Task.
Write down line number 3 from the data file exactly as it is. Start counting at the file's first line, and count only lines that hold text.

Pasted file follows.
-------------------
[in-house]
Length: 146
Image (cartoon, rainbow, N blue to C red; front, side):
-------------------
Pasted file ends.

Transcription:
Image (cartoon, rainbow, N blue to C red; front, side):